Silence in the Library
If you are following Full Stop on Twitter, you already know that when the NYPD cleared Zuccotti Park two nights ago, they confiscated the People’s Library, consisting of approximately 5,000 books, magazines, newspapers and other materials that have been, according the People’s Library’s WordPress site “donated, collected, gathered and discovered during the occupation.”
After reading an account of the evening on the People’s Library’s blog, librarian Raina Bloom wrote an essay/how-to-protect-your-library guide on her personal blog: Rainabloom.tumblr.com. “If your library is located in any sort of contested area,” Boom writes, “someone is coming for it.”
Bloom respects the bravery of the librarians working at the Occupy Wall Street People’s Library, but stresses the need for a predetermined evacuation plan to protect libraries in other contested Occupy areas, to prevent the full-scale confiscation of these collections. Bloom helpful outlines such a plan in six steps – some of which seem self-evident, but having a coherent and universal plan spelled out is incredibly useful.
I will paraphrase her plan here, but her post is still worth a complete read, for specific advice on how to carry out each step:
- Have the collection stored in such a way that it will be ready to travel on a moment’s notice.
- Recognize that you may not be able to save everything.
- Have volunteers to help move books.
- Use your time effectively.
- Have a safe house – public libraries might work, especially if you contact a librarian in advance.
- Ask yourself in advance if you are willing to be tear-gassed or pepper-sprayed (don’t feel ashamed even if your answer is no!) and plan accordingly.
Of all the things I am, one of them is a full-on library nerd and I earnestly mourn the destruction of any free, public collection of literature. Luckily, and contrary to early on-the-ground reports from the People’s Library twitter account, the People’s Library appears to be safe. The New York City Mayor’s office tweeted, with a picture, that the library is safely stored at the 57th Street Sanitation Garage and will be available for pickup on Wednesday.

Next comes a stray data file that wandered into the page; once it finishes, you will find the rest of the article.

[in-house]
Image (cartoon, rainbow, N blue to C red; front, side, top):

Update, 10:30 am: It looks like much of the library is not available for pickup. Librarians at the People’s Library report: “There are only about 25 boxes of books; many of the books are destroyed. Laptops here but destroyed. Can’t find tent or shelves.” The People’s Library also has a partial list of missing items, which includes:
- Between 2,000 and 4,000 books (we’ll know if it looks right when we see it ), this includes five boxes of “Reference” materials many of which were autographed by the authors;
- Our custom made “OWS library stamps;”
- 5 (4?) laptop computers;
- Our wifi device;
- Approximately 60 plastic tubs/bins of varying sizes (most small, but several big);
- archival materials (I was starting to collect some stuff in the library);
- posters (including many original posters created by OWS participants);
- periodicals/newspapers/zines (not counted in our book total);
- personal belongings of librarians;
Mayor Bloomberg must account for the whereabouts of these items. — Alex Shephard
Update, 1:30 pm: Freelance writer Melissa Gira Grant live-tweeted a visit to the Sanitation Garage where the remains of the People’s Library is being reclaimed by protesters. She is reporting that only a fraction of library’s original collection is at the garage and 4 out of 5 of the aforementioned laptops are there, but destroyed. She is also reporting that a Reuters photographer asked to enter the garage to shoot photos and a police officer she identifies as Officer Cunningham said press is not allowed to enter. No cameras are allowed in the main sanitation room. — Catie Disabato